Poster Paper: Racial and Ethnic Income Inequality and Mobility from 2000 to 2013: Evidence from Matched IRS-Census Bureau Data

Friday, November 4, 2016
Columbia Ballroom (Washington Hilton)

*Names in bold indicate Presenter

Randall Akee1, Maggie R. Jones2 and Sonya Rastogi Porter2, (1)University of California, Los Angeles, (2)U.S. Census Bureau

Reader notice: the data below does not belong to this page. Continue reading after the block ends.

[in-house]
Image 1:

Using unique linked Internal Revenue Service and U.S. Census Bureau data matched at the individual level, we examine the differences in levels and trends for income inequality and mobility across racial and ethnic groups in the United States. Our data encompasses the entire universe of tax filers in the U.S. for the period 2000 to 2013, matched with individual-level demographic information from multiple censuses and American Community Surveys. We document both income inequality and mobility trends over the period of the Great Recession in the U.S. While previous research has focused on inequality and mobility for the country as a whole or at the top income deciles, we examine the entire income distribution disaggregated by race and ethnic groups. We find significant stratification in terms of average incomes by race and ethnic group and distinct differences in income inequality. The groups with the highest incomes, non-Hispanic whites and Asians, also have the highest levels of inequality and lowest levels of mobility. The converse is true for the lowest income groups, non-Hispanic Blacks, American Indians, and Hispanics; however, their higher levels of mobility do not suggest a convergence upward in terms of average income with other groups over time, but stagnation at the bottom.